Large, deciduous shrubs have lined construction sites in the United States and Europe for decades – their flowering domes have an underrated attractiveness. But after the flowers of the Viburnum tinus plant fade, the shrub does something unusual: shiny fruit and blue glow.
Scientists had noticed that the pigments associated with those in blueberries exist in the fruits of viburnum, and assumed that this must be the source of their strange coloration. Blue trees, after all, are rare. But researchers reported last week in Current Biology that viburnum blue is actually created from layers of molecules arranged beneath the surface of the skin, a form of what scientists call structural dyes. In unfamiliar words, plant cells create thin plates of fat arranged in a stack, like flakes of puffy paste, and their distinctive luster is the result.
Rox Middleton, a researcher at the University of Bristol in England and author of the new paper, had studied the African plant polia, which produces its own exotic blue fruits. But the fruits of viburnum were everywhere, and she realized that their blueness had not been well studied. Together with Miranda Sinnott-Armstrong, a researcher at the University of Colorado, Boulder and other colleagues, she tried to take a closer look at the skin of the fruit.
Polis fruit blue is a form of structural color in which light emits a regular arrangement of small structures, such that certain wavelengths, usually those that look blue or green, are reflected back to the viewer. In polia fruits, the color comes from the interaction of light with thin cellulose sheets packed together. At first the team thought there would be something similar in viburnum. But they saw no cellulose stacks.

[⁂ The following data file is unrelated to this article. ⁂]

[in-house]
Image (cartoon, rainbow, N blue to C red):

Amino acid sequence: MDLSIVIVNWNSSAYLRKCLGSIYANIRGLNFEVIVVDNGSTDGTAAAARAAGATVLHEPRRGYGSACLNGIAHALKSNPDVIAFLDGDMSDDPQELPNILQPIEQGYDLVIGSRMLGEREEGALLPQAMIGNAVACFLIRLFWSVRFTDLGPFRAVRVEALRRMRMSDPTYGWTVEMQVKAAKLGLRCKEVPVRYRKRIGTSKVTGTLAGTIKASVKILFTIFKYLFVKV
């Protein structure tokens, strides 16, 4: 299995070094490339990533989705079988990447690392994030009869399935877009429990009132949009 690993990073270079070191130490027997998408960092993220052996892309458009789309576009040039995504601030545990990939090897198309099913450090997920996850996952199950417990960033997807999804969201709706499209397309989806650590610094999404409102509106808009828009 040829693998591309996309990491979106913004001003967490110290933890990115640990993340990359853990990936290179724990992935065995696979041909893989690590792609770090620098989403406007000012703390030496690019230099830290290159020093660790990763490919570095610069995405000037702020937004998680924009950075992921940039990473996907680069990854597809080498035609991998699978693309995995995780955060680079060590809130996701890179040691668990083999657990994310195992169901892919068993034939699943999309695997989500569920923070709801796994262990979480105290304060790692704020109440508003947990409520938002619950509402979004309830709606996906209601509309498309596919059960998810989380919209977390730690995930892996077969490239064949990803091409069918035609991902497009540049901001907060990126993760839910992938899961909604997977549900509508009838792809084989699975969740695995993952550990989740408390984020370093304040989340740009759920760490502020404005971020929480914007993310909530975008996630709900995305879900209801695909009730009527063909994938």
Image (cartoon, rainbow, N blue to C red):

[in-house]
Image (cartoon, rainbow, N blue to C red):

Experimenting with different ways to see the fruit, they used a transmission electron microscope to get a side view of the plant cells. The cell nucleus was actually wrapped in pigment blocks. But between it and the surface of the skin there was a large object, as thick as the nucleus itself. A closer look revealed that it was made of regular layers in space.
This was a strong sign that structural color, which requires microscopic materials, regularly placed so that light bounces off, was included. “Once you see a repetitive structure, that exact size – yes, it should be,” said Dr. Middleton.
The layers seemed to be made of a globular, uneven substance. Mathematical patterns of the layers showed that this lump helped provide the special cloudy blue of the viburnum fruit. If the layers were softer, the blue would have been purer, more like that of a beetle’s wings, said Dr. Middleton. The pigments in the nucleus, while binding to those in blueberries, are actually a very deep, dark red, allowing structural blue to predominate.
The layers, to the surprise of the researchers, were made of fat molecules.
“We have never seen anything like this before,” said Dr. Sinnott-Armstrong.
Waxes and proteins are most often found in plant cell walls. But fats are rare in cell walls, and it is not clear how layers are formed.
The seeds of viburnum fruit are distributed by the birds that eat them and digest them. The brilliant color created by the fats could provide a signal to the birds that the fruit is nutritious and worth eating, researchers suggest.
“We’ve found a couple of other species that look like they have structures similar to this,” said Dr. Sinnott-Armstrong. She is planning to investigate whether, too, they are fat.
As for blue fruits with unusual coloring strategies, viburnum has certainly been easier to care for than polis fruits, Dr. thought. Middleton.
“It was nice,” she said, “to have one I could choose in my backyard.”